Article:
OPEC countries generated 29 pct higher revenues from oil exports in 2017

Published on September 20, 2018 by Dave Kovaleski

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The Organization of the Petroleum Exporting Countries (OPEC) member countries generated $567 billion in net oil export revenues in 2017, up 29 percent from 2016, according to the U.S. Energy Information Administration.

An increase in crude oil prices, along with a jump in net OPEC oil exports propelled revenues higher last year. EIA believes that revenues will continue to climb this year. Specifically, EIA projects that revenues from oil exports will rise to $736 billion in 2018, a 30 percent increase over 2017. The increase in revenue is primarily due to a forecast of higher crude prices.

However, EIA forecasts that OPEC revenues will decline to $719 billion in 2019, driven by lower crude oil prices and projections for decreased OPEC production and exports.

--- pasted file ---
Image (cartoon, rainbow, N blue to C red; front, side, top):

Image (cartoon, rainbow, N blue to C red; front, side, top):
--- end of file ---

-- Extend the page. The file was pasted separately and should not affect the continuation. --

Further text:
In 2017, Saudi Arabia had the highest share of revenues among OPEC members with 30 percent of oil export revenues. That percentage has been relatively consistent over the years, ranging between 28 percent and 34 percent since 1996. Iran’s share of revenues increased to 10 percent in 2017, marking its highest share since 1999.

Also, Iraq’s share of total OPEC revenues jumped to about 12 percent last year, while Venezuela remained about the same at 5 percent and Libya increased slightly to approximately 3 percent.